Charities can't bear budget cut burdenDecember 17, 2010 @ 5:15 am (Updated: 1:37 pm - 3/28/11 )
As she delivered the budget's bad news this week, Governor Gregoire challenged charities to fill the gap.
"For the functions government no longer will be able to provide, we must turn to neighbors, private charities, faith-based organizations, and other local programs," she said. "Our communities, more than ever, will be asked to step up."
When she returned to her Seattle office after her budget address Wednesday, she found a group of people. "I could recognize a couple of them," Gregoire told KIRO Radio's Ross and Burbank.
They were members of the state's charity community. "'We heard your call, governor,' they said. 'We're here to be that safety net.'"
"That's the kind of Washingtonian spirit we need to get through this," Gregoire said.
But are our state's non-profits capable of this monumental task?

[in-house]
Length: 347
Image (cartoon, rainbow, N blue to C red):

"The first thing I'd respond to, is, what does she mean, a lot of the burden?" said Norm Rice, Seattle's mayor from 1989 to 1997, now president of the Seattle Foundation, which directs donors' donations to various local charities.
"Clearly, the non-profit sector cannot be the replacement for the loss of state or federal dollars going on," he said.
It's just not big enough, said Jon Fine, the CEO of King County's United Way.
"Government spends way more than non-profits on health and human services," Fine said.
A United Way study, Fine said, found that 90 percent of that money is spent by government, while only 10 percent comes from the charity sector.
"What we do best is partner and find alliances to help that [government money] go further," Rice said. "It's not going to be a substitute for that loss."
Non-profits can maximize their impact by getting leaner, Rice said. "What we'll have to do in these times is look at how to consolidate."
The draconian budget cuts don't come as a shock, Fine said. The Puget Sound nonprofit community has been gearing up for a challenge. "One example is, we've got a great parent-child home program going which is an investment up front, which is going to cause lots of savings in spending over time," he said.
That program might help soften the damage early education cuts will wreak. But Rice said that's all nonprofits can do: soften the fall -- for some.
"There are going to be a lot of people who fall through the cracks," he said.
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